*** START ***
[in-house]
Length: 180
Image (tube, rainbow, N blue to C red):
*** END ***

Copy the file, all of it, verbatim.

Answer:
[in-house]
Length: 180
Image (tube, rainbow, N blue to C red):